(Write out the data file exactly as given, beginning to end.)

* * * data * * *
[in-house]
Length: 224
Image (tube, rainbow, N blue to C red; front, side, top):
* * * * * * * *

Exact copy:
[in-house]
Length: 224
Image (tube, rainbow, N blue to C red; front, side, top):